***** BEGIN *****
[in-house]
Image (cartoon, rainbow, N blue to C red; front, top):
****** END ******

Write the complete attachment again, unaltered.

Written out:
[in-house]
Image (cartoon, rainbow, N blue to C red; front, top):